Improving communication skills in children with Autism Spectrum Disorder




Communication encompasses exchange of thoughts, feelings, ideas and information with each other. It is one of the essential parts of everyday life. For children diagnosed with Autism Spectrum Disorder (ASD) communicating with others can be challenging. This may be because, due to ASD children might have difficulty developing language skills which includes understanding what others are saying to them.


We generally think of communication taking place through speech and written language. Nature of communication is not verbal always. Knowing and sometimes unknowingly, we also make use of gestures, facial expressions, body posture, tone of voice and behavior to convey our thoughts. It is very likely that children diagnosed with ASD would prefer one of the mediums of nonverbal communication as language ability varies widely.


Like most children, a child diagnosed with ASD also would like to be understood and understand you. In their own way, children would try to respond, request, refuse, try to get your attention, greet, ask questions or express their own feelings. The challenge parents face is to interpret the child’s unique ways of expressing themselves while also teaching them more affective and sometimes more appropriate ways to communicate.


Few ways in which parents can help in better communication and promote language development in children diagnosed with ASD are:


1. Encouragement for play and social interaction: Play is an important medium of learning during childhood. Interacting with other kids through play provides enjoyable opportunities for the child to communicate. With a child diagnosed with ASD, its important to find the games and activity that he/she would enjoy. With these activities try to add social interaction. This would be less anxiety provoking for the child and therefore learning could be more.

2. Imitation: When the child is trying to vocalize, imitate the sounds and encourage the child to vocalize and interact more. Parents can turn this into a simple game encouraging the child to copy and taking turns to vocalize the sounds. It very important to make sure that this imitation is a positive experience for the child so that he/she is motivated to do it more and more. This can be done in simple sounds like when the child is playing with car and making sounds. Just do the same and make it into a fun activity.

3. Nonverbal communication should be the focus: The child may prefer to communicate using nonverbal medium. Parents should respond and encourage any medium of communication. More and more the child learns to communicate using gestures, it can build a foundation for language development. To help in this process, try and add simple spoken words with gestures while responding to the child. For example, extending hand to point out when you say ‘look’, nodding head when saying ‘yes’, clapping hand while asking the child to clap and extending arms when asking the child to come.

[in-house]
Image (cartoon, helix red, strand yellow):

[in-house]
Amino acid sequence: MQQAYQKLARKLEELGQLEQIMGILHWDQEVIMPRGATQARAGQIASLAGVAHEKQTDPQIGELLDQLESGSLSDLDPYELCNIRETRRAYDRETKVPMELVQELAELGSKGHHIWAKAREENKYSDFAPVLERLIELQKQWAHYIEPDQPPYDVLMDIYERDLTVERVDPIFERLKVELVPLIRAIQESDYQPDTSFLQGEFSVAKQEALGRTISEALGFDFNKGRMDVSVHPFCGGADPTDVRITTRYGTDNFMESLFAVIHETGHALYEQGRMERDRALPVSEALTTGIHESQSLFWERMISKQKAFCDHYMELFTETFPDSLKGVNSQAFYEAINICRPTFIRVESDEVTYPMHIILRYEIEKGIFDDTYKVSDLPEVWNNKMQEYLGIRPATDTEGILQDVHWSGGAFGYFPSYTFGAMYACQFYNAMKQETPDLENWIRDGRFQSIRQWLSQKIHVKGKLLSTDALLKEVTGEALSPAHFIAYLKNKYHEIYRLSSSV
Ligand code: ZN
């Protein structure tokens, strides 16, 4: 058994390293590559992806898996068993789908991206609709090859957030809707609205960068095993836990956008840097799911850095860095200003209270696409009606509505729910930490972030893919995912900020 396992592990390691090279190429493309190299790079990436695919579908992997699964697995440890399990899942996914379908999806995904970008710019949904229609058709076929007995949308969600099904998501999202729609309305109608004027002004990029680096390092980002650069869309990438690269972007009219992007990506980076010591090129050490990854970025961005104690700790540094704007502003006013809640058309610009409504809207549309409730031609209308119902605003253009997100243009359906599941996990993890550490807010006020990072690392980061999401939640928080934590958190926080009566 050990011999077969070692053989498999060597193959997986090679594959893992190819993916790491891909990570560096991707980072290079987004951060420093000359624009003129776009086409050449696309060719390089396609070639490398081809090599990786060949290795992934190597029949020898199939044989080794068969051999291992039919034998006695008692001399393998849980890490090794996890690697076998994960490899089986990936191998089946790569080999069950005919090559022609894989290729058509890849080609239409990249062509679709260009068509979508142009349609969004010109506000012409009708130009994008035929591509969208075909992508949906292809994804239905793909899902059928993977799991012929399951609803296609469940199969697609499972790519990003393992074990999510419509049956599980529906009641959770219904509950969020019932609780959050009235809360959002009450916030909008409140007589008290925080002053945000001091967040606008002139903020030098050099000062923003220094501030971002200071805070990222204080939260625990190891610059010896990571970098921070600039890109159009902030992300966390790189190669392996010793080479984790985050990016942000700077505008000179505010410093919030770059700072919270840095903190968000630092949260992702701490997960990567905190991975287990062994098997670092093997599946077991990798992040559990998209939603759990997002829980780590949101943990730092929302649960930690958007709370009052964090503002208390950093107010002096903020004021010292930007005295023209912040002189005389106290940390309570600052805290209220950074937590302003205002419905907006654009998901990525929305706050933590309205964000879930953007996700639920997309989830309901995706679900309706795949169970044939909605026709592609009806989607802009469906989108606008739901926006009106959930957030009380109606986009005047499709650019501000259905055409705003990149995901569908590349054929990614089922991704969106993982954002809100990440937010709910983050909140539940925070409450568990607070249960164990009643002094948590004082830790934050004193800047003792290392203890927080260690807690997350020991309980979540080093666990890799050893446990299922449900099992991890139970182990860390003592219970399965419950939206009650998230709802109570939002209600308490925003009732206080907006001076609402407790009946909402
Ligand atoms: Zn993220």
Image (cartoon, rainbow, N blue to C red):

4. Give space for the child to talk: It human tendency to fill in language especially as parents when the child does not immediately respond. With a child diagnosed with ASD, its crucial not to give in to this urge. When parents ask a question or feel that the child is wanting something from them, they should wait patiently while looking at the child expectantly. The response can come in the form of sound or simple body movement. This is the moment that parents should respond promptly. The promptness of the response would help the child understand and reinforce the importance of communication.

5. Simple language: Teaching and encouraging verbal communication especially should be started with the usage of single words. This makes it easier for the child to imitate if not the whole word, definitely the sound. While introducing the child to any object, especially of daily use, name it in single words. Like ‘ball’, ‘spoon’, ‘cup’, ‘bag’. When the child starts to use and respond in single words, start using two-word sentences. Like ‘get spoon’, ‘throw ball’. The simple rule to follow is to use phrases with one more word than what the child is using.

6. Following the child’s interest: It is also beneficial to introduce spoken language while the child is doing what he/she likes and enjoys doing. For example, narrate what the child is doing using simply phases. For example, if he/she is playing with blocks while putting in it slots. As soon as he/she puts the block in, say ‘in’ and clap. By engaging in the activity the child is doing, he/she would be able to associate the activity with the word being spoken.

7. Visual support: Children diagnosed with ASD are generally visual learner. It is always beneficial to use visual cues like cards with pictures simultaneously describing the action or activity happening at the time. Children form the association with the words being spoken while understanding the activity that is happening.


Each child diagnosed with ASD is unique. It is always a good idea to take the help of the therapist and understand what strategy would work best with your child and implement it.


Written By: -

Isha Singh - Clinical Psychologist

Director - Clinical Services, Ananya Child Development Centre.

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